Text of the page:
24 June 2011

The Loaf in the Picture

Since making my first loaf of bread with my starter/leaven I had put it in the fridge for the next time. As I don't make bread every day I figured it would be fine there until my next adventure. You do have to remember to re-activate about three days before you want to use it so last Thursday morning I fished it out of the fridge to see how it had weathered the last couple weeks. All looked well so I just added 50mls of water and then 4 tbsp four mixed it all up and popped it in the cupboard. Friday morning dawned and when I checked the starter it had come to life again, bubbling up nicely. I removed three quarters of this mixture and then added 100mls of water and 125g flour, mixed and returned to the cupboard. The same on Saturday morning and it was ready to use on Sunday when I had decided to make the Currant and Cassis bread from The Handmade Loaf. I didn't have any currants but I did have raisins, they're all the same really aren't they? Sorry Dan if I'm flouting all recipe laws but sometimes it's whats in the cupboard that works!
250g Currants or Raisins in this case
150g water
50g cassis
For Dough
250g Strong White flour
150g Rye Flour
1 and a half tsp salt
280g of the soaked Currants, drained
150g soaking liquid plus water to make the required weight at 20% (not sure I understand these percentages but I added enough water to make the dough consistency I am used to)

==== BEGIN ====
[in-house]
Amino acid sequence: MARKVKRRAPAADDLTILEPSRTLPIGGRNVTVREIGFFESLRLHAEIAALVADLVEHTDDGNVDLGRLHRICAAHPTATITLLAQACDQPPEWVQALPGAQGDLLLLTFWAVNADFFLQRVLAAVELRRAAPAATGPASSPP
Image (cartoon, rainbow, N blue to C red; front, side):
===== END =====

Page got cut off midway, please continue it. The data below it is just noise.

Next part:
30g cassis
100g water at 20 degrees
three quarters tsp yeast
200g rye leaven (I used my white leaven)
The first thing to do is to soak the currants, mix them with the cassis and water and bring to the boil, remove from the heat and leave to cool overnight (or in my case about an hour, I never read the recipe the night before!).
Mix all the dry ingredients together in one bowl and the wet ingredients in another and then add the wet to the dry mixing well. Dan says with your hands but I'm afraid I'm a bit squeamish about that so I use my dough scraper. It gets mixed, either way.
Now Dan Lepard has a very different way of kneading, it is done for a very small amount of time (10-15 seconds) left for 10 minutes and repeated twice. This is done on an oiled surface. All very different but it works just as well.
The dough is then "turned". This is a way of stretching the dough to elongate the bubbles. You form the dough into a rectangle then stretch it in one direction and fold (in thirds) and the stretch the other direction and fold. For this recipe you turn the bread after 30, 60 and 90 minutes.
Then divide the dough in two and form into batons and place (seam side up) on floured tea towels (or proving baskets it you have them), cover and leave for 2 hours. If you are still with me we are almost there. It seems using the leaven makes for a longer bread making session but it is almost therapeutic really, all the kneading, turning and proving. And I know I should have been doing the housework in between but I found myself reading!
Once these have doubled in size turn them onto a flour dusted tray and make a cut from top to bottom. Place in a pre-heated oven (210) for 45 minutes. Mine were done after 35 but then that's my oven.
And for the first time the slashing worked and I got a loaf that looked almost like the picture in the book! I was very proud as I buttered a slice and ate with relish.


  1. What kind of relish? HAHA JUST KIDDING, I KNOW IT WAS METAPHORICAL RELISH. Do you have a recipe for that? Loaf looks deeelishious.

  2. Just noticed this comment! Bad blogger!